Thursday, December 11, 2008

Jewish Mystic Prayer V: Yedid Nefesh

OK, so entry IV was not my last on mystical Jewish liturgy. There is also Yedid Nefesh, the work of 16th Century kabbalist Rabbi Elazar Azikri. By now we can recognize the thematic poetics that mark this piyyut in common with other esoteric prayers:
  • Passionate, even erotic language to characterize the relationship with God.
  • Acrostic construction. In this case, the first Hebrew letter of each of the four stanza combine to form the Tetragrammaton, the four-letter name of God.
  • 'Light' imagery and synonyms for 'beauty' to describe the divine.
  • The occult motifs 'concealed' and 'revealed.'
Sung on the eve of Shabbat and the Seudah Shlishi (toward the end of Shabbat):

יSoul's beloved, source of compassion,
draw Your servant to your desire [1].
Your servant will run like a gazelle;
he will bow before your splendor.
Your love is sweeter [2] to him
than the dripping of honey, or all tastes.

הSplendid, Beautiful, Radiance of the Universe
My soul is sick for Your love [3].
Please, God, heal her [4]
by showing her the beauty of your radiance.
Then she will be strengthened and healed
And she will have eternal bliss.

וAncient One [5], arouse Your mercy,
and please have pity upon Your beloved child.
For how I have yearned
to swiftly see the splendor of Your strength.
These are the desires of my heart
so please have pity and do not hide Yourself.

הPlease, reveal Yourself.
beloved, spread over me the shelter of your peace [6].
Illumine the earth with Your glory,
that we may exalt and rejoice in You.
For now comes the time
grace us as in days of old [7].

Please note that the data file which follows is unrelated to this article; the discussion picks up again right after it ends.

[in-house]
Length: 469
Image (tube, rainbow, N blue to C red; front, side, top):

[1] The Hebrew word ratzon is often translated as 'will,' but the emotional context merits a more impassioned translation of 'desire.'
[2] The root ayin-resh-bet, "sweet," also appears in the mystical poem, Shir ha-Kavod, though in a different context entirely. The sweetness [both sensuous and sensual] of divine encounter is a recurrent theme in medieval mystical writings cross-culturally, in all cases probably drawing on the language of Song of Songs.
[3] Love sickness is also an image derived from Song of Songs. Nafshi could be translated as "I am [sick for your love]," but the author is focused on the relationship between the soul of the individual and the world soul, so I translated it accordingly.
[4] The wording comes directly from Moses' prayer for Miriam's healing. Here it is applied to the 'soul sick'.
[5] A kabbalistic title for God, derived from the book of Daniel 7.9. In Zohar this refers to the Deus Agnostos, the unknowable God, either Keter or Ein Sof.
[6] Literally "...the 'sukkah' of your peace." Though the wording is borrowed from non-mystical liturgy (Hashkivenu), mystics assign extra meaning to this phrase, for they envision the sukkah as a kind of cosmic womb.
[7] The Hebrew syntax is a little awkward. There may be a meaning I am oblivious to.

Zal G'mor: To learn more, consult the Encyclopedia of Jewish Myth, Magic, and Mysticism - http://www.amazon.com/Encyclopedia-Jewish-Myth-Magic-Mysticism/dp/0738709050


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